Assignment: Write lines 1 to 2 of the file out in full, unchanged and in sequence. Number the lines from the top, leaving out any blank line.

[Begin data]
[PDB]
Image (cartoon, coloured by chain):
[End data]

[PDB]
Image (cartoon, coloured by chain):